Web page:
Queen Elizabeth was so delighted when she heard of Drake's exploits that she cried out, "He shall be SIR Francis Drake. I myself will make him a knight."
And Sir Francis Drake it was; and from his time the power of England on the sea began to be felt.
AMONG the Spaniards who flocked to America in the hope of finding gold, there was a certain officer whose name was Juan Ponce de Leon. He had distinguished himself in the Spanish army and was very rich. He also had much influence with the king—so much, in fact, that he was soon appointed governor of all the eastern part of Haiti.
While attending to his duties in Haiti, he learned that at some distance farther eastward there was a rich island abounding in gold and other precious metals. The Indians called this island Borinquen; it was the same land which Columbus had discovered a few years before and called Porto Rico.
Ponce de Leon was so much pleased by the reports which were brought to him of the great wealth of Porto Rico that he at once made up his mind to get that wealth for himself. The king of Spain was very willing to please him and to have a share of the profits, and therefore appointed him governor of Porto Rico. Ponce was not a man to waste time in any undertaking. With eight stanch ships and several hundred men, he at once set sail for his new province and in due time landed upon the island.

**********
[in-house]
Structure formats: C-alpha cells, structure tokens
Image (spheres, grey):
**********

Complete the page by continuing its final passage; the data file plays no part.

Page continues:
The natives were kind and gentle. They welcomed the white men to their pleasant country and tried to help them in such ways as they could. Ponce de Leon repaid them as the Spaniards at that time usually repaid a kindness,—he robbed them of all they had and made slaves of as many as he could. Then at length the harassed savages turned against their oppressors and tried to drive them from the island; but what could they do against enemies so cunning and strong?
Ponce was as heartless and unfeeling as any wild beast. Soon the once happy island was filled with distress and terror. The Indians were hunted from their homes. Thousands of them were killed, and the rest became the slaves of their conquerors.
Ponce began to form a settlement at a place now called Pueblo Viejo; but he soon changed his plans and removed to a fine harbor on the north shore of the island. There he laid out the city of San Juan. He built for himself, near the mouth of the harbor, a grand house which he called Casa Blanca, or the White Castle; and there he made his home for some time.
But, with all his wealth, Ponce was not happy. He had lived so carelessly and wildly that his youth went from him early. At fifty years of age he was a miserable old man. There was no more joy in the world for him.
One day as he was sitting unhappy in the White Castle, a thing occurred that kindled a spark of hope in his despairing mind. He overheard an Indian slave say, "In Bimini no one grows old."
"Bimini! What is Bimini?" he asked.
"It is a beautiful island that lies far, far to the north of us," was the answer.
"Tell me about it."
"There is a fountain there, a spring of clear water, the most wonderful in the world. Every one that bathes in it becomes as young and strong as he was in his best days. No one grows old in Bimini."
"Have you ever been there?"
"Ah, no. It is too far away for any of our people to make the voyage. But we have heard talk of the fountain all our lives."
Ponce asked other Indians about Bimini and its magic fountain. All had heard of it. It. was a land fragrant with flowers. It lay far to the northwest—too far for frail canoes to venture. But the great ships of the white men could easily make the voyage in a few days.